And we see this imbalance, this lack of a good that should be present, in our Church as well.

The Church should be beautiful.  It should be filled with tremendous music, great architecture, stirring homilies, strong communities, inspired literature.  It should be sane, for "sanity and sanctity are synonymous."

When it is, on the contrary, filled with ugly music, with offensive architecture, with insipid homilies, with an absence of community, with really bad art and literature, and even with child molesters and bishops who cover for them ... this is insanity.  For this is the opposite of sanctity.  And "sanity and sanctity are synonymous".


Our eyes look heavenward, like those of St. Rose - whether we know it or not.  Something is missing on this earth, something that should be but that isn't.

"Somewhere you and I are talking and I am not so much ashamed, nor you so rightly scornful. ... This is good but something is better; this is glorious but somewhere I could feel more of the glory." - The Poet to the Princess in Chesterton's play The Surprise

It is when the Church calls us to that greater glory - a glory that we sense and that our eyes catch a faraway vision of every now and then - a vision of a gloaming of an eternal dawn; when the Church calls us to this mystery, through the true, the beautiful, and the good - it is then that our hearts soar and our sins pale by comparison.

The rest, all the cares of the world and snares of the devil, are mere dross by comparison.


John C. Hathaway said...

Beautiful. About 8 years ago, I started writing something along these lines. It was one of the longest single texts I've ever written: several hours of straight writing over a few weeks until a series of fairly overt demonic attacks took me off track and resulted in the DOC file being buried in the computer with other unfinished writing. These attacks started with a loud growling sound and the whole house shaking while I was working on a key passage, and then more human agency took over.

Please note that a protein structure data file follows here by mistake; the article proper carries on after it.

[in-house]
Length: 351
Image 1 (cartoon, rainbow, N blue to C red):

Anyway, I was arguing this very point, which is to his credit the reasoning that Christopher West starts from (though he gets diverted in his conclusions) and which Pope Francis has been touching on and getting misconstrued. Almost every sin has at its end "the Good"; it all grasps at a good which God intends for us at the proper time-in many cases, after this life-and tries to get it *now*. In most cases, the desire the sin has as its object will one day be fulfilled if we are patient.
The exception to this, and even then it isn't so much so, is sloth. Murderers, adulterers and thieves, even gluttons, are all *doing something* for the good. The slothful person fails to act for lack of desire for anything but passive "rest". It's the only sin for which the object is itself evil, the state of souls in Hell rather than Heaven, and despair is just extreme sloth. This was the big "breakthrough" in my thought that led to the aforementioned "book in progress." Around the same time, my wife came across an old handbook of the Seven Deadly Sins which said basically the same thing.

o said...

I read your points about the lonely married man, single person, abused riddle me this batman....ponder why the priests push such illicit masses and ugly music - don't go down the molestation bit just yet, but see why they don't read the red and say the black so to speak....what are they trying to do? I'd like to know your insight and it might somewhat comfort you, us. Perhaps their bishops already know, which is why they do so little and why we sin in anger toward them?

Kevin O'Brien said...

Dear O,

I have no doubt the disobedient priests are seeking a good, in a disordered way. They are seeking what they see as "true" faith, and opposing the "patricarchal" faith they feel the Church imposes.

But of course we can all justify our sins, can't we?

The point is we cannot judge one another. A disobedient priest, even a child molesting priest, may be less culpable than you or I if we simply hold a grudge against our neighbor. We never know the raw material our neighbors are struggling with. Even being a disobedient priest may be an achievement of great sanctity for some - relatively speaking.